My cries turn to sobs, and I am no longer floating. I am swimming. I’ve joined the collective body, and we work in concert to rescue those that are thrashing. We, too, find ways to isolate those who are drowning our comrades and neighbors. They are a danger to this collective body, and while we desire all to join our body we also know, deep within our salt, their violence and fear oppresses and suppresses.

There is still no horizon and these waters are still stormy. All is still unknown and unknowable. Tears still flow into the the sea. Salt joins salt.

The collective body doesn’t just survive. We swim.


This weekend, my dad’s condition worsened. It again surfaced being in the middle of the unknown and unknowable. It mirrors being in the middle of the unknown and unknowable of the United States of America.

Where is the collective body? With whom am I swimming?

Image description: A selfie of me dressed as a clown with a Cruella DeVille black and white wig on taken on Tuesday, November 3, 2020. I am looking out a window and the shadows from the window grate spill across my face. I have on gold glitter eyeshadow, defined black eyebrows, and blue liquid liner. My lower lip has a strip of black glittery lipstick outlined by liquid blue liner.


Yesterday, I hosted an Election Day / Night Gathering on Zoom. I invited friends and comrades to pop in any time between 2pm PT and 9pm PT (though I ended up ending at 8:30pm PT.) There were some simple guides: come as you are and respect conversational boundaries.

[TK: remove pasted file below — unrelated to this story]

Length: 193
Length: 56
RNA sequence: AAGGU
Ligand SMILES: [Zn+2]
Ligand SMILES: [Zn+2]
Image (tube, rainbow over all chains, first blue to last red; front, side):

Over the course of seven hours, a collective body emerged. It spanned what is known as Minnesota and New York and California and North Carolina and Wisconsin and France. It included intimate conversations about hiding Muslim identities amidst growing US Islamophobia, anti-Black racism within US institutions including libraries and elections, young adults struggling with a growing awareness of the depth of US inequities and oppression while also searching for work and a place to live, elders sharing tips on how to deal with and heal physical pain, painting and art and more painting and art, and laughter, lots and lots of laughter. We found each other, connected, swam for a moment together and felt the solidarity of shared space and time.

I did not share the story of my dad. I didn’t desire to, nor did I feel a need to. For I was swimming with a collective body, and this space and time together healed and continues to heal.

Amidst the unknown and unknowable, we found joy and love and sadness and rage.


This morning, I sent out an email to those who joined me on Zoom. I wanted to acknowledge not just our time and space together but how our moment together spans generations. We are a part of a millennial old collective body that faces these storms and swims in the unknown and unknowable. We survive.

It is also a love letter to my dad, though, right now that is unknown and unknowable to him. Luckily, he swims with this collective body.


The Letter I sent.

Dear Friends and Comrades: